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  Metroid
That the Trackmania series has taken so long to find its way onto console feels like a small tragedy when you see what N ad eo can do with the brief. Trackmania Turbo retains the fundamentals of its PC forebears, offering up 200 dizzying, predominantly point-to-point obstacle courses on which to compete for the best time possible. It's still tough, too, echoing Trials' school of lulling players with a gentle breaking-in period before shifting gears to something altogether more daunting. And there's a powerful track editor for you to build your own stomach -churning creations. But the earlier games' bare bones structure and ugly UI have been replaced with a user-friendly, brightly coloured treatment that channels the sunny aesthetics and solidity of '9os arcade racers. Cars aren't quite as twitchy as the first game's, exhibiting a weighty momentum but propensity to break traction that makes drifting feel like you're sliding across buttered tarmac. Along with the sprawling championship, there's also fourplayer splitscreen racing, asynchronous online challenges against friends and strangers' times, a passthe- controller party mode, and returning (and entirely ridiculous) simultaneous online races in which hundreds of non-corporeal drivers battle for a podium position against the clock. One mode even lets you share driving duties with a friend, if things weren't already challenging and chaotic enough. Nadeo's selection of tracks are divided between four environments, each with their own thematic quirks and vehicle style. The International Stadium area focuses on precision and cornering skills; Dirty Valley is a bumpy offroad test of your suspension; Canyon Drift lets you get the back end out often; and Lagoon Rollercoaster indulges the series' excesses with corkscrews, loop-the-loops and wall rides. But all this fun obscures a brutally unforgiving difficulty curve and crude unlocking structure which requires you to get to get a medal on every track in order to progress. And while the cars handle slightly more like real vehicles than remote-control toys, there's still an excess of sensitivity that often leaves less room for misjudgment than even Trials' most ferocious moments. As a result, it requires a level of commitment to perfecting repetition that many will find off-putting. For those prepared to put in the hours, Trackmania Turbo is an exhilarating, satisfying rush that manages to distil everything that was good about the ageing PC series while making it feel fresh again, and considerably more stylish. This lightness of touch, combined with instant restarts and a Trials-style checkpoint system, makes for an extremely moreish racer.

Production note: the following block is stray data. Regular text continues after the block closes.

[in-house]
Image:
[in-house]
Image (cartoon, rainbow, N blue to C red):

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Despite the weightier cars, breaking traction is as simple as tapping the brakes as you turn. You'll need to start your slide well ahead of the corner, however, making Trackmania's drifting feel pleasantly like Mario Kart B's

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FOR THE HORIZON Trackmania's worlds are colossal. While you'll spend much of your time hemmed in by barriers, it only takes hitting a small bump in the road at speed to send you sailing outside of Nadeo's lowsecurity enclosures. After one poorly judged corner, we took the opportunity to explore and set out for the horizon. Five minutes later we were still bouncing over hills and down into canyons. Three minutes more saw us reach the end of the skybox's reach, and the void swallowed us after two more.
 
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